Did last Friday’s protest pull the police from other neighborhoods? They say no, but it’s a mystery why it took four hours for police to show for a hit- and-run in Maple Leaf.
Last Friday night, neighbors on a usually quiet street in the Maple Leaf neighborhood heard a violent smashing. When they ran outside they saw it was a hit-and-run, in progress.
A Dodge pickup truck had caromed into three parked cars in succession and was now scraping its own disabled front end down the road, sending up sparks. After a block, the driver jumped out of the truck and ran off into the night.
So they called 911. Who wouldn’t, right?
“We were figuring these were crimes,” says Brian Jeffries, who had two cars crushed in the crash. “Hit-and-run, abandoning his truck in the street. Probably drunk driving. You figure you should call the police.”
Most Read Local Stories
- UW student hit by driver, seriously hurt while running around Green Lake
- Forget about the Cougs and Dawgs: Bellingham is Washington state's best college town, according to this list
- Seattle police officer assigned to clean up homeless camps files $10 million claim, alleges polluted site made him sick
- 20-year-old Westlake Station shooting suspect held on $2M bail
- Washington students named National Merit Scholarship semifinalists; Seattle's Lakeside once again tops list
But the police didn’t come. Each time a neighbor called 911, the dispatcher said an officer would be sent as soon as possible. Jeffries waited more than three hours, until after 2:30 a.m.
At one point he was startled to see some acquaintances of the driver come back to retrieve the hit-and-run truck.
“We called 911 immediately to say they were towing the truck away from the crime scene,” Jeffries said. “But that didn’t get the police to come either.”
“I’ve got to say I’m completely dumbfounded,” he added.
City records show an officer did arrive at 3:18 Saturday morning — more than four hours after the first calls. By then the truck was gone and all the Maple Leaf neighbors had given up and gone to bed.
The next day, an officer phoned the Jeffries family. Jeffries said the officer blamed the big protest last week at Westlake Center for the delay.
“They said something like: ‘I don’t know if you are aware, but we had all available officers in downtown Seattle last night for the Black Lives Matter protest,’ ” Jeffries said.
Seattle police Sgt. Sean Whitcomb groaned when I relayed him this story. Big protests can tax the department’s resources. But the Black Lives Matter protest did not, he insisted. In any event “we’re absolutely not supposed to staff protests downtown at the expense of the other neighborhoods.”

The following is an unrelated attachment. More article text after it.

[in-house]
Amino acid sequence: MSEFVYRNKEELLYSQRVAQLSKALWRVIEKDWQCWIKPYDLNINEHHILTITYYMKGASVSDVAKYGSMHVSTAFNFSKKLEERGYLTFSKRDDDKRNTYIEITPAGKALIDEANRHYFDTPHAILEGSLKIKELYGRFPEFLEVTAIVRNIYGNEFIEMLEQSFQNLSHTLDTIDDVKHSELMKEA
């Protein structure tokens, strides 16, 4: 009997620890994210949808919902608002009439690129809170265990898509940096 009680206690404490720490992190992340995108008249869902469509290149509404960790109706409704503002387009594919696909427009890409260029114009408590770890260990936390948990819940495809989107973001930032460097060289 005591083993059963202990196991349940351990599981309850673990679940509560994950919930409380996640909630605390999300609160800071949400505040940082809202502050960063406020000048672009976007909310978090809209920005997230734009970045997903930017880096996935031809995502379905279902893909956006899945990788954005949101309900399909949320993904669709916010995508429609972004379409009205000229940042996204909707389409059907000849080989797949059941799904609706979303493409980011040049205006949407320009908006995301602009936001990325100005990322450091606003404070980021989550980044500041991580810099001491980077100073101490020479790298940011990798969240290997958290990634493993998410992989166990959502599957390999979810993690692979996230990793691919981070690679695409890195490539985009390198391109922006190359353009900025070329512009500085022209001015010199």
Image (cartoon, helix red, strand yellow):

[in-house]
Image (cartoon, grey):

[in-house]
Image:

But police union President Ron Smith says the story doesn’t surprise him at all.
“These precincts are staffed to the bare bones already, even without a protest downtown,” he said.
Smith says that when he started with the department 22 years ago, each squad routinely had 12 to 14 patrol officers. Each squad covers a sector, which is roughly a neighborhood. Now he says there are often only five or six patrol officers per squad.
“So it’s like when you had your iPhone car-prowled that time and you’ve got it tracked to a van, the thieves are sitting there and you’re calling 911, but nobody comes,” Smith said. “That happens because there aren’t enough officers to be dispatched.
“We just don’t have the bodies we need as a police force. It’s becoming a safety issue for Seattle.”
Smith said Seattle has the same size police force now as it had in the 1970s.
Since we had that big debate a year ago about property crimes and the police’s lack of response, the stats show the department has been making a dent. Car prowls are down 17 percent, car thefts minus 35 percent, and total property crimes are down 12 percent, all from a year ago.
Still, Whitcomb said that a four-hour response time for an active hit-and-run is “just not OK.” He said the department would look into how it happened.
Jeffries said he couldn’t tell whether the police didn’t come because they were too busy or because they continue to discount property crimes. Citing the protest as a reason for not showing up struck him as “excuse-making.”
“It seemed like more of a mentality was at work, rather than just a staffing issue,” he said.
In the end, the Jeffries family became frustrated enough they decided to just file claims with their own insurance to fix their cars. So police closed the case — without ever really opening one in the first place.
“It means that driver faces no consequences,” Jeffries said. “It turns out it was to his benefit to flee the scene. I’m a law-and-order type guy, and that type of thing eats at me.”